As these and others link data capture to broader operations, “the technologies are moving from being responsible for transactional visibility to constant visibility,” explains Mark Wheeler, director of supply chain solutions at Zebra Technologies. “But we’re only about 15% of the way there,” he adds.
Needless to say, making the move from transactional to constant visibility is complicated and requires quite a bit of planning. “Basically, you have to decide upfront why you are collecting the data and what you are going to do with it,” says Grady.
Dan Gilmore, vice president of marketing at Softeon, adds that these early decisions “drive data flow to the right places and directly affect communications across the facility and even beyond. What you don’t want to do is send data and messages to systems that don’t need the information in the first place. All that will do is slow overall response time and bog down the system.”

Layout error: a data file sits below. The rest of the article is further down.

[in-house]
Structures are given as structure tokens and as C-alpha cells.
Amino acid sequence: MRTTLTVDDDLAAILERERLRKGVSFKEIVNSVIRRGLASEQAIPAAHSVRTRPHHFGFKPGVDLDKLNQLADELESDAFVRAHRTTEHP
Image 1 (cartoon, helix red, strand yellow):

For a long time, the data capture technology decisions from bar codes to radio frequency identification (RFID) were focused on the easiest way for workers to physically collect data. For instance, is it easier for a worker to use a ring scanner to read a bar code or to follow voice commands? But, more is going on here right now.
As you might expect, product developments continue unabated. One example is Honeywell’s FlexRange, an eighth-generation imager that captures bar codes up close and at distances to 35 feet. Another is Zebra’s RS 5100 single-finger ring scanner for reading one- and two-dimensional bar codes.